Proceedings from the WHO Conference on the Health Aspects of the Tsunami Disaster in Asia
Phuket, Thailand, 4-6 May 2005
Management and coordination of disaster responses
32. In-country management capacities were overwhelmed by the scope and suddenness of the tsunami. . The subsequent global response resulted in confusion, congestion, and competition for scarce logistic and transport resources. Within the health sector, some of these operational difficulties could have been prevented through more effective coordination.
33. Participants heard that effective supply systems and logistics were key to efficient disaster responses. Logistic systems are needed to underpin health sector disaster response assistance and facilitate national or international relief efforts. It is unacceptable for relief efforts at the time of an acute disaster to be impeded by administrative burdens that relief workers impose on affected communities (or on personnel in the front line who are trying to provide assistance). Excessive supervisory visits should also be discouraged.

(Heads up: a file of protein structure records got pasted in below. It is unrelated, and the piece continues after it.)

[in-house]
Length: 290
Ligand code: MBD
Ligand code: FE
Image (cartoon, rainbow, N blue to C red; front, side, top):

34. However, coordination requires consent and cooperation of all stakeholders, which is not always forthcoming. Governments of disaster-prone countries have indicated that they seek the UN system's authoritative support in responding to (and, at times, directing and controlling) offers of people, equipment and materials made available through external assistance - with WHO serving as the health arm of the UN system. This is vital in situations where the sheer number of external groups offering assistance poses major challenges for the planning and phasing of relief efforts. External assistance to a disaster-affected country should be managed by governments through a participatory structure involving representatives from both recipient and donor communities. This is particularly relevant for actions in the health sector where needs can change quickly over time, and the cost of handling inappropriate assistance (people, equipment and materials) is very great indeed. Several countries are reviewing or revamping their national and local coordination structures, to reflect the Tsunami experience, for example, 'disaster management authorities or centres'. WHO can advise on how these overall coordination structures could adequately and specifically reflect health sector concerns.